Three cheers for diversity in Parkridge
1710 Washington Ave.
by Matt Edens
Years ago, back in the days before everyone had cell phones, I remember a maddening afternoon driving around one of those mid-'80s subdivisions off Middlebrook. I don't remember exactly where I was, nor did I know then. Didn't matter, since I was supposedly dropping off a friend at his sister's house. Trouble was, he didn't know exactly where he was either, having only been there once before.
He'd forgotten the address, and the subdivision street names all followed the same theme, so that was little help either. Worse, we quickly realized that the entire subdivision was the same three houses over and over. Sure, the plans of some were flipped, so that they mirrored one another, and a few either had the dormered bonus room over the garage, or didn't, but it was the same three houses over and over. If I recall, we had to find a pay phone for my friend to call his sister.
The same sort of repetition repeats itself in suburban subdivisions all across the country, particularly in low to mid-priced "production" subdivisions. In the pricier developments, the homes may not be duplicates of one another, but all the homes on a given lane, drive or court will typically only vary from one another by a few degrees. They'll all be roughly 1800-sq.-ft. vinyl ranchers with a one-car garage or, two stories and 3,000-sq.-ft. with brick on the front and vinyl wrapped around with a two-car garage, or 5,000-square-foot all-brick McMansions with a three-car garage and optional club membership--whatever fits the development's particular "price point."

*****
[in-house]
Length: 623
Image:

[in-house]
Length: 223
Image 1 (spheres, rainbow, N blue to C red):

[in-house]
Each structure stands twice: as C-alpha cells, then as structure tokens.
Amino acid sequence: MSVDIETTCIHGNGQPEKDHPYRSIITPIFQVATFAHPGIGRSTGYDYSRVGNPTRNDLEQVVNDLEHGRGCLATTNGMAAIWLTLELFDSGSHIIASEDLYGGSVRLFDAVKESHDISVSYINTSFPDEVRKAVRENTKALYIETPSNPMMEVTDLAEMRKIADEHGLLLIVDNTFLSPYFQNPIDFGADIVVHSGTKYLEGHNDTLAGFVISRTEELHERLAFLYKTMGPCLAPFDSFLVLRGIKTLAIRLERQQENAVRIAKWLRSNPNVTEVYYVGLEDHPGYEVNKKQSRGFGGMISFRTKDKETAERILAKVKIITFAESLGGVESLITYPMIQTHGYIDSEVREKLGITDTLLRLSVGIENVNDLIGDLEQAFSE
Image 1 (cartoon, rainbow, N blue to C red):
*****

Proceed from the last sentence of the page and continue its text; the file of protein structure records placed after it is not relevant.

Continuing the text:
Now, I can't really criticize the carbon-copy house plans, seeing as I once lived in a 100-year old home in Parkridge whose plan was once marketed across the country via mail order. Indeed, while I've never come across a duplicate of our old house, several others on the street, Washington Avenue, have twins across the country--including some that no longer stand. "Rosemont", the second house George Barber built for himself in Parkridge, was torn down in the early '80s, but there's a double in the small town of Eutaw, Ala. (It recently sold on eBay.)
But if you drive down Washington Avenue, you'll notice quite a few bungalows and small Queen Anne cottages mixed in among the big Victorians. This roughly 1,300-sq.-ft. bungalow at 1710 Washington, for instance, is tucked between two George Barber-designed Victorians twice its size. Diversity is what Parkridge is all about: the people, the architecture, the redevelopment. Some homes have been stunningly restored. Some, like this one, are still fixer-uppers.
Peel off the vinyl, put those porch posts back, and pull up the carpet inside over the hardwood (the interior also features French doors and a living-room fireplace flanked by bookcases, a standard Arts and Crafts detail) and you've got a historic home every bit as beautiful as any big, fussy Victorian. Or, since this place is in pretty solid shape as is, you can simply get a modest home at a modest price.
1710 Washington Ave.